The entire process of getting a work visa and being able to work in Ireland was longer than expected. Because of this, make sure you save more than you think you need, especially if you don’t have work or a living situation lined up.
The work visa was easy to apply for:
You need to apply at the embassy and that is located in Ottawa. There is a satellite location in Oshawa, however, the representative was on vacation. This meant making the 4-hour drive and hoped I had remembered everything that one needed for the application, including passport.
You need the appropriate photo with appropriate measurements.
You need to have one year of health insurance and sign off that you will get another year of insurance once the first year has expired. (Talk about pricy.)
Payment for said application.
It isn't difficult to do any of the above things, but each part needs to be done meticulously.
Within a few weeks, I had been approved for the work visa and it was sent to me by registered mail. Happy days, I was ready to work in Ireland. Or so I thought.
Upon arrival, I needed to register with my local authorities. To do that, I needed to email the head of the Immigration Unit and it took a whopping 3 weeks to get an appointment. By law, I needed to register within 30-days of my arrival in Ireland so it was cutting it close.
I needed to bring my work visa, passport and a proof of address. As I was living with an Irish family, I didn't have a proof of address. However, they do accept a utility bill with a letter from the owner of that address with that name saying that you live there. Done and dusted, I was finally registered.
To work in Ireland, you are required to have a social security number. This was one of the most time-consuming processes. They make obtaining a social security number a bit more difficult because it grants you the ability to work and to collect social welfare. Therefore, they are more strict.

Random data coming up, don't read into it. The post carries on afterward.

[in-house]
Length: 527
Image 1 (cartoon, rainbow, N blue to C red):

To obtain the number, you must bring your passport, proof that you can work, an official proof of address (utility bill, bank statement, etc.) and proof that you will be working. The letter from the owner of the address will not suffice and you can't get a bank account unless you have your social security number. Thankfully, I spoke with a foreign customer service representative for a bank and she said I could use my local authority’s registration letter. Another thing to note is that the proof that you can work, like a work visa, is not proof that you will be working. You will need a letter from an employer with the tax number and address stating that you will be working with a set start date. Three visits to the social welfare office and 6-weeks later, I obtained my social security number.
Once you get your social security number, you must register online for your place of employment. This way, the tax man can find you and take a percentage of your earnings.
For those who are hoping or needing to drive a car, it's important to note that Ireland is pretty strict on which provincial licenses they accept. If you are staying for a while, you might need to swap over to an Irish driver's license for your stay, especially when considering insurance for your car.
Fun stuff, but so important to know if you decide to take on the challenge of working abroad. It's not easy, but if you want to have an alternative experience it's helpful to know some of the steps involved. The process may seem long and frustrating at the beginning, but in the grand scheme of things it's merely a blip in time.
Happy travels, everyone.